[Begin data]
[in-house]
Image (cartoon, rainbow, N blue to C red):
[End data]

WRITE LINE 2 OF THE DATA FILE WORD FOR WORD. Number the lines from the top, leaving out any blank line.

Image (cartoon, rainbow, N blue to C red):